The raised portion 300A can be formed in each layer in a variety of ways and the present invention is not limited to any particular method. One method for forming the raised portions is to assemble the layers into a pad of layers and then insert the entire pad into a machine press. One face of the press is flat and the other face, i.e., that face that is facing the non-tacky, or underside, of the layers, contains an array of bosses or bumps. When the pad is pressed in the machine press, all of the tacky layers become embossed with the pattern on the press face, causing the raised portions, or embossed portions, in each tacky layer of the pad. Thus, each embossed portion is integrally formed in each layer and is comprised of an indentation on the underside, or non-tacky side, of each layer and a raised portion on the upperside, or tacky side, of each layer.

As can be understood, in the method as described above for forming the raised portions, the raised portions of each layer are aligned with the raised portions of each other layer. It is desirable, but not required, that the raised portions of each layer are aligned so that their shape may be easily maintained when the layers are stacked one upon another.

As can be seen in FIG. 10, base portion 200 may also be formed to be complementary to the embossed layers. The surface 200A that defines a bottom of the recess of base portion 200, which receives within it the tacky layers 300, can be formed with raised portions 200B. These raised portions are positioned so that they are aligned with the raised portions in the tacky layers. Thus, the raised portions 200B on surface 200A are positioned within the indentations in the lower-most tacky layer when the layers are inserted into the recess in the base portion. As can be understood, these raised portions help to retain and maintain the raised portions in the tacky layer(s), particularly when only the lower-most layer(s) remain in the floor mat. However, it is not required that the base portion be formed with raised portions in practicing the present invention. The layers may be formed with raised portions whether or not the base portion includes complementary raised portions.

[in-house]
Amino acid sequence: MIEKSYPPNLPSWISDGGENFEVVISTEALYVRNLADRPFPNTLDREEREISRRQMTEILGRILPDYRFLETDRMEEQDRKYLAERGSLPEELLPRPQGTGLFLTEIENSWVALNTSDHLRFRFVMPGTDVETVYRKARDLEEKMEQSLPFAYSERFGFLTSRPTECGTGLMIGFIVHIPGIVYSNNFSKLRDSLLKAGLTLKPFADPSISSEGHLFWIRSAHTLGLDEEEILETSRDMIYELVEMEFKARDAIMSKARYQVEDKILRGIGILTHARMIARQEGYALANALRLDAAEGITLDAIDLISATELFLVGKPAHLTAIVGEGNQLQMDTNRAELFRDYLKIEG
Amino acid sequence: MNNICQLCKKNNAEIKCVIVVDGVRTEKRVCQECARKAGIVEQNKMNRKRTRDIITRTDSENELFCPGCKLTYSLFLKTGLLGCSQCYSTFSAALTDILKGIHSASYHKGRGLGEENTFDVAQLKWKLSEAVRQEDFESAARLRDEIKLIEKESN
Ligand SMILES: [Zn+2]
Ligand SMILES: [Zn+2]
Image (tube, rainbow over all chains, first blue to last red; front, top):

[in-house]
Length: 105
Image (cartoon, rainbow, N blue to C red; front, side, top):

In another alternative embodiment for a tacky portion, the tacky portion could also include a water dissipating capability. The tacky portion could be comprised of a hydrophobic porous structure which would assist in dissipating water from the surface of the tacky portion.

FIGS. 11 and 12 illustrate alternative embodiments for the floor mat of the present invention that provide a water dissipating capability for the tacky portion. As will be discussed, the embodiment of FIG. 11 also helps to prevent a person from slipping on a potentially wet tacky portion.

FIG. 11 illustrates an embodiment for tacky portion 300 where the tacky layers 301 and 302 of the tacky portion define a plurality of apertures 300C therein. The apertures of each layer are aligned with the apertures of each other layer. Thus, because of the aligned apertures in the layers, the tacky portion is able to drain surface water from the top-most surface of the tacky portion, or from the soles of a person's shoes that is standing on the tacky portion, through the apertures and to the base portion, within which the layers may be positioned. The base portion, as discussed previously, may include a water dissipation component and/or a water absorbing component which would move and/or absorb the surface water drained from the tacky portion through the apertures.